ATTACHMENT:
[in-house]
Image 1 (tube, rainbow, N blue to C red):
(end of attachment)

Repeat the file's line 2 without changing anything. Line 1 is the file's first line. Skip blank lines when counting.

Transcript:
Image 1 (tube, rainbow, N blue to C red):